Poetry Friday: Robert Pinsky and the Favorite Poem Project

December 6, 2013 — 5 Comments

Screen Shot 2013-12-05 at 11.08.36 PMThe sonorous voice delivering the keynote address at the Conference on English Leadership (CEL) on Sunday, November 24, 2013, belonged to the poet Robert Pinsky. He was there to promote his latest book Singing School, which is promoted as, “A bold new approach to writing (and reading) poetry based on great poetry of the past.” This collection of 80 poems includes selections from  Sappho to Allen Ginsberg, Shakespeare to Emily Dickinson. In an interview on NPR,  Pinsky explained that the poems for the book were selected “because of the music of the language, and not from the meaning of the words.” In the interview he explained:

“Even just the cadence of pauses,” he explains. “I stop. I think. I wait. I wait a little longer. Then less. … Something like that generates the poem. And for me, if anything I do is any good, it’s carried by that kind of cadence or melody.”

To prove his point, Pinsky filled his address with reciting lines of poetry, once challenging the crowd of English teachers in attendance to identify the poet; “That was Robert Frost, your New England poet,” he gently chastised when no one responded correctly. (To give you a taste of the experience, you can hear Pinskey read Frost’s poem “Mowing” courtesy of Slate Magazine by clicking here.)

As we listened, I heard someone remark that Pinsky could make a parking ticket sound lyrical.

Screen Shot 2013-11-29 at 2.27.16 PM

Pinsky’s voice was not the only one reciting poems in his keynote. He turned to the presentation screen to show videos from the Favorite Poem Project website. This project  is “dedicated to celebrating, documenting and encouraging poetry’s role in Americans’ lives.”

Pinsky founded the project when he served as the 39th Poet Laureate of the United States, from 1997-2000. The Favorite Poem Project website details how,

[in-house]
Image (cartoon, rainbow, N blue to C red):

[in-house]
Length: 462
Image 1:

“During the one-year open call for submissions, 18,000 Americans wrote to the project volunteering to share their favorite poems — Americans from ages 5 to 97, from every state, of diverse occupations, kinds of education and backgrounds.

Pinsky purposely selected a video to show as a tribute to the City of Boston, host of the CEL. The selected video featured John Ulrich, a student from South Boston, MA, reading Gwendolyn Brooks’s  “We Real Cool”:

We Real Cool
by Gwendolyn Brooks

THE POOL PLAYERS.
SEVEN AT THE GOLDEN SHOVEL.

We real cool. We
Left school. We

Lurk late. We
Strike straight. We

Sing sin. We
Thin gin. We

Jazz June. We
Die soon.

Each video available on the Favorite Poem Project’s website begins with the reader’s reason for choosing the a particular poem. Ulrich provided a touching admission of how Brooks’s short poem reminds him about several childhood friends he lost to suicide. He read her 1950s tribute to the players in a pool hall in the South Side of Chicago with a heavy South Boston accent twice. The defiance on his face during the second reading is visible in the video.

I have taught this poem in my classes, and inevitably one of the more musical students, usually a drummer, will notice, “Hey, this is written in jazz!” The brevity of Brooks’s verse belies the amount of discussion the poem generates for students, particularly with the ending line, “We/ Die soon.”

Pinsky shared other videos: Nick and the Candlestick by Sylvia Plath read by Seph Rodney and Poem by Frank O’Hara read by Richard Samuel. The production quality of these videos garnered admiration from the crowd.

“Are you still taking entries for this project?” one teacher asked.
“We may be,” replied Pinsky.

His final comment sent a ripple that went through the audience as people considered, “What poem could I read for the project?”

This week’s Poetry Friday round up is on http://www.robynhoodblack.com/blog.htm

 

5 responses to Poetry Friday: Robert Pinsky and the Favorite Poem Project

  1. 

    very engaging writing

  2. 

    Intelligent young man. Great interview. Sad poem for a sad society.

  3. 

    Wow! What a powerful video. This project is similar to the heart books I wrote about today. In fact, I was thinking that kids could record themselves reading the poems in their books.

  4. 

    My daughter has been writing poems nonstop for school requirements – from odeas to sonnets, to free verse, to just plain rhyming. I think she’d be happy with this one. Thank you for sharing the video clip too. 🙂

  5. 

    I love this project! Fingers crossed that it may continue!!

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